Weak login security at heart of Anthem breach

Weak security is being blamed for the mammoth hack of one of the nation's largest health insurance providers, which has put the private data of 80 million people at risk.

Investigators are focused on weak security for login credentials, as the hackers are believed to have accessed Anthem Inc.'s information by stealing the company system administrator’s access information.

“Anthem’s primary security sin may not have been the lack of encryption, but instead improper access controls,” security researcher Ken Westin wrote in a blog post.  

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Hackers were able to get the credentials of five different Anthem tech workers, the country’s second-largest health insurer, The Associated Press reported Saturday.

Starting some time after Dec. 10, the digital thieves used this information to access Anthem’s system and eventually make off with the information of 80 million customers.

It’s widely believed the attackers used targeted “phishing” campaigns, in which they sent Anthem’s network administrators fake emails trying to dupe them into either revealing login info or clicking a link that gives hackers access to their computer.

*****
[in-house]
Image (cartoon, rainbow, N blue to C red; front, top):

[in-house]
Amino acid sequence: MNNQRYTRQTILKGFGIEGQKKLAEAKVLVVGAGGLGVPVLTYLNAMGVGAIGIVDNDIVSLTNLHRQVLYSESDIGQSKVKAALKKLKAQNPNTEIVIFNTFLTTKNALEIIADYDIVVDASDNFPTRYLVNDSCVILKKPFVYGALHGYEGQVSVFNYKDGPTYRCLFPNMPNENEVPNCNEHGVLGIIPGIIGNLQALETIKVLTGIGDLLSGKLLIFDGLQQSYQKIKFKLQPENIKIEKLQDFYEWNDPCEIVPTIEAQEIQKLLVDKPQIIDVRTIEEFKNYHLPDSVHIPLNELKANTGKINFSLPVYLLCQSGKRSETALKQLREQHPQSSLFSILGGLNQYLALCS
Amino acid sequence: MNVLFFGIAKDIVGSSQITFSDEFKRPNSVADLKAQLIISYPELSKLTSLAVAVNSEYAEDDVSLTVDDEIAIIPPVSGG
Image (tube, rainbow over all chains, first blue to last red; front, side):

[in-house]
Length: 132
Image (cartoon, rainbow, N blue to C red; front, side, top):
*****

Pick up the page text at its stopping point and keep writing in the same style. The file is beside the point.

“What may be a key weakness here is that it appears there were no additional authentication mechanisms in place, only a login/password or key, with administrative-level access to the entire data warehouse,” Westin said.

Anthem has been dinged for not encrypting its customer data. But the bigger problem is access security, Westin believes.

“In Anthem’s defense, if the attackers had admin-level credentials, encryption would have been moot anyway,” Westin said.

Neither do federal data privacy laws require health insurers to encrypt customer data.

Gaining access using pilfered login credentials has become an increasingly common and effective strategy for cyberattackers.

It’s suspected that hackers supporting the Islamic State in Iraq and Syria (ISIS) recently gained access to the U.S. Central Command’s Twitter and YouTube accounts by lifting the password from an employee’s computer.

Security researchers have long warned of the fallibility of passwords. Employees often choose trivial passwords such as “123456” or leave the default password in place.

The White House is funding several public-private initiatives to develop password alternatives, such as using a mobile device for identification or identifying through a wearable ring or bracelet.

Michael Daniel, White House cybersecurity coordinator, said in October that these offerings are set to hit the market some time in 2015.

“We simply have to kill off the password,” he said. “It's a terrible form of security.”